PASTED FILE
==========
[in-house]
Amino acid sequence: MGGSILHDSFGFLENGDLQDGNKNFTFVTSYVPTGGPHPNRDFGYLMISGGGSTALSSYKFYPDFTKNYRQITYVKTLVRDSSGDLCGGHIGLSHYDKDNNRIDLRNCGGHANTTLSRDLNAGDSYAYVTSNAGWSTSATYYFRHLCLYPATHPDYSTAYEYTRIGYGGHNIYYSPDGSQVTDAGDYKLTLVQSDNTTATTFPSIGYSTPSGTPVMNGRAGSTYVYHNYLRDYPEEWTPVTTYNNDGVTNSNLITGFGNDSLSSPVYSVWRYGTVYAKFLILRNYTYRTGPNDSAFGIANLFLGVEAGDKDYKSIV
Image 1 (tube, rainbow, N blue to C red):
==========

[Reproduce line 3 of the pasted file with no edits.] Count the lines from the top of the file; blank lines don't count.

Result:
Image 1 (tube, rainbow, N blue to C red):